Spanish is the fourth most-spoken language in the world. Originating in Spain, and spoken by most residents there, it is also spoken in Mexico and all of Central and South America except Brazil, Guyana and Surinam. Spanish is also spoken in Cuba, Puerto Rico, the Dominican Republic and other Caribbean islands.
Spanish is a first language for many people in the United States, especially in California, Texas, South Florida, and the Southwest. A romance language, Spanish is closely related to particularly Portuguese, to Italian, and to some extent to French. English and Spanish share approximately one third of the same words, although the pronunciation tends to be very different.

Spanish nouns have genders. Most words applied to persons have natural gender: masculine like hombre ("male person") or feminine, like mujer ("female person"). The gender of some animals, things, and some words applied to persons doesn't follow any rule: they have grammatical gender. Casa (house), rana (frog), and visita (visitor) are of the feminine gender. Árbol (tree), sapo (toad) and genio (genius) are of the masculine gender. Invitado, invitada (guest) and mono, mona (monkey) have natural gender. Fortunately, the gender of a noun is usually (but not always) indicated by the last letter of the word; -o indicates masculine nouns, and -a indicates feminine nouns.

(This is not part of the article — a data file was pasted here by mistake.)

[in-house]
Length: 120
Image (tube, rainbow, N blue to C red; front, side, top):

Adjectives also have gender and number. Like nouns, -o usually indicates the masculine form of the adjective, and -a indicates the feminine form. Adding an -s at the end of an adjective or noun makes it plural. Adjectives need to match the noun they describe in both gender and number. For example, borracho "drunk", when modifying las mujeres ("the women"), makes las mujeres borrachas.
In this guide, where genders of nouns or adjectives comes up, we use the form "o/a" to differentiate. It should be clear from context when to use the feminine and when to use the masculine form.